• And if school/academy representatives have not done so already, the NGA exhorts them to visit their MPs’ constituency office to make their cases heard.

The NGA has requested schools/academies to provide MPs with evidence of need for education funding, how staff are having to bear extra burdens and where pupils, in extremis, are suffering.  The point that children and young people can be seriously damaged if no action is taken must be forcibly made.

The NGA has asked for a spending review.  As part of this request, it has set out nine “asks” or requests based on the latest research and intelligence collected from governors and trustees. These are as follows.

(1) The core revenue budget be increased at least £2 billion per year so that the basic rate that schools/academies for each pupil covers the cost of their education.

(2) The high needs budget for pupils with special educational needs and disabilities (SEND) be increased by at least £1.5 billion per year.

(3) The rate for pupils in the 16-to-19-year age-group be increased by at least £4,760 per pupil per year.

(4) The pupil premium funding be protected in real terms and included in the national funding formula with reporting requirements retained.

(5) The government review funding for the early years so that all children have access to high quality, teacher-led early education.

(6) The national funding formula be implemented in full as soon as possible, with funding distributed directly to schools and academies.

(7) Funding settlements be for a minimum of three years to enable schools and academies to plan their budgets properly and thoughtfully.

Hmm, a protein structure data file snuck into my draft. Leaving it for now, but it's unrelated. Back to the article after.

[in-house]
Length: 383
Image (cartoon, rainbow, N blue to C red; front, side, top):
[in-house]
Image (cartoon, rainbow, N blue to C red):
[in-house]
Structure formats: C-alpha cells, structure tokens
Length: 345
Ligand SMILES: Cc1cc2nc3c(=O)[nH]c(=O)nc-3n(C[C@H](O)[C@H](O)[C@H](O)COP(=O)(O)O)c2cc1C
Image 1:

(8) The government makes sufficient capital funding available to return all school and academy buildings to a satisfactory or better condition.

(9) Local authority funding of services to schools and academies and children be properly underwritten as also children’s mental and physical health services, so that pupils come to their institutions safe, well and equipped to learn.

V        Parents Campaign

Parents have established a national pressure group – Fair Funding for All Schools. The body has been setting up independent parental-led groups attached to schools and academies in their local areas.  They are campaigning for education to be better funded.

Fair Funding for Schools considers that it is very important for an independent parent voice to sound their concerns alongside governors and school and academy leaders.   Parents who wish to become involved can contact info@fairfundingforallschools.org or visit www.fairfundingforallschools.org. They can also go on Twitter at @fairfundingschools.